Below are a few education and development pieces I found interesting this week.
- This CGD note by Lant Prichett discusses the all too common practice of using metrics which are not directly related to student learning/ability to assess progress in basic education. Prichett cites the example of data collected during the rollout of a large-scale government-led education initiative in India, the Sarva Siksha Abhiyan (SSA). Pritchett writes, “As part of this scheme an EMIS (Education Management Information System) program called DISE (District Information System for Education) was launched. This was called a “report card” on schools and contains, for each district of India (aggregated up to state level) a huge “dashboard” of data about schooling. In the current State Report Cards 2016-2017 there are, by my count, 977 distinct numbers reported. Not one of those numbers is any direct measure of student learning (and interestingly, a previously included measure of learning, pass percentages, was dropped from the “report card”).”
- World Bank researcher David Evans highlights the impressive body of education research co-authored by RTI International’s Director of Education for Africa, Ben Piper. Evans notes that Piper and his co-authors do not let the perfect (clean causal identification) serve as the enemy of the good (answering questions that policymakers care about in a reasonable timeframe)
- At Marginal Revolution, Tyler Cowen summarizes a new paper by economist Juan Sebastian Munoz which suggests that upwards of 50% of the gender gap in math achievement in Colombia is driven by lower-achieving males dropping out of school. It turns out the opportunity cost of staying in school is higher for this group.
- Uganda is reforming its school inspection program to focus more on student learning, teaching, and teacher attendance. The government worked with DFID and Ark Education Partnerships group to pilot the new approach. (Via Lee Crawfurd). Lee Crawfurd highlighted the importance of school inspections as a mechanism for improving accountability in this blog post.
The Economist summarizes a new World Bank literature review on the returns to education by Harry Patrinos and George Psacharopoulos. Patrinos and Psacharopoulos find that the returns to education are consistently high, an extra year of schooling yields an average annual private return of 8.8% across 139 countries. The paper shows that there are significant differences in returns across regions of the world, between high-income and lower-income countries, and for men vs. women.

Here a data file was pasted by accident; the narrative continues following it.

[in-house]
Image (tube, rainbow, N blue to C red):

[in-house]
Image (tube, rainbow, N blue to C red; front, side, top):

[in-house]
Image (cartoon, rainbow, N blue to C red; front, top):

The researchers calculate the “social” (i.e. non-private) returns to education, an essential datapoint for those interested in the question of how much governments should invest in education.
Another key policy question that the authors address is the mechanism through which eduation impacts wages. Here is how Patrinos and Psacharopoulous frame the debate:
The earnings premium associated with the level of education suggests that productivity increases as people acquire additional qualifications. An alternative view is that earnings increase with education due to credential effects. This refers to the idea that higher levels of schooling are associated with higher earnings, not because they directly raise productivity, but because they certify that the worker is likely to be productive.
I was surprised to learn that the academic literature does not provide much support for the credential effects thesis; rather, positive labor market outcomes seem to be driven by increases in productivity.
Below are links to a few education-related pieces I read this week:
- Low Performance and High Satisfaction: The Information Paradox of Bad Schools This blog by Susannah Hares of Ark Education highlights findings from the Varkey Foundation’s Parent Survey. The survey reveals that parents in countries that perform poorly in education (such as India, Kenya, and South Africa) are more satisfied with their children’s education than parents in high-performing countries such as Korea. The piece explores several potential explanations for this phenomenon and examines whether providing parents with performance information is an effective strategy for improving education outcomes.
- Facing Forward: Schooling for Learning in Africa – The World Bank’s new report assesses the current state of education in sub-Saharan Africa and suggests ways to improve both access and quality.
- Are Our Children Learning? This Twaweza report summarizes the results of basic learning assessments conducted in three East African countries: Kenya, Uganda and Tanzania from 2011-2015. My main takeaway from the report is that all three countries have seen little to no improvement in basic learning outcomes over the last five years.